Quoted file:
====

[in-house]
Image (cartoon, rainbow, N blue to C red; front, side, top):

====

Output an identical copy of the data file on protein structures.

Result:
[in-house]
Image (cartoon, rainbow, N blue to C red; front, side, top):